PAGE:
AKSW Colloquium, 17.10.2016, Version Control for RDF Triple Stores + NEED4Tweet

In the upcoming Colloquium, October the 17th at 3 PM, two papers will be presented:

Version Control for RDF Triple Stores

Marvin Frommhold will discuss the paper “Version Control for RDF Triple Stores” by Steve Cassidy and James Ballantine which forms the foundation of his own work regarding versioning for RDF.

Abstract:  RDF, the core data format for the Semantic Web, is increasingly being deployed both from automated sources and via human authoring either directly or through tools that generate RDF output. As individuals build up large amounts of RDF data and as groups begin to collaborate on authoring knowledge stores in RDF, the need for some kind of version management becomes apparent. While there are many version control systems available for program source code and even for XML data, the use of version control for RDF data is not a widely explored area. This paper examines an existing version control system for program source code, Darcs, which is grounded in a semi-formal theory of patches, and proposes an adaptation to directly manage versions of an RDF triple store.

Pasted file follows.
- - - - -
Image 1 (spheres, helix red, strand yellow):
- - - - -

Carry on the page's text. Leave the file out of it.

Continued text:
NEED4Tweet: A Twitterbot for Tweets Named Entity Extraction and

Afterwards, Diego Esteves will present the paper “NEED4Tweet: A Twitterbot for Tweets Named Entity Extraction and
Disambiguation” by Mena B. Habib and Maurice van Keulen which was accepted at ACL 2015.

Abstract: In this demo paper, we present NEED4Tweet, a Twitterbot for named entity extraction (NEE) and disambiguation (NED) for Tweets. The straightforward application of state-of-the-art extraction and disambiguation approaches on informal text widely used in Tweets, typically results in significantly degraded performance due to the lack of formal structure; the lack of sufficient context required;
and the seldom entities involved. In this paper, we introduce a novel framework
that copes with the introduced challenges. We rely on contextual and semantic features more than syntactic features which are less informative. We believe that disambiguation can help to improve the extraction process. This mimics the way humans understand language.

About the AKSW Colloquium

This event is part of a series of events about Semantic Web technology. Please see http://wiki.aksw.org/Colloquium for further information about previous and future events. As always, Bachelor and Master students are able to get points for attendance and there is complimentary coffee and cake after the session.

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